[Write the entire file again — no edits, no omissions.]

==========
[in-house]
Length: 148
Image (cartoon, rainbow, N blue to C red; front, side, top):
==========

[in-house]
Length: 148
Image (cartoon, rainbow, N blue to C red; front, side, top):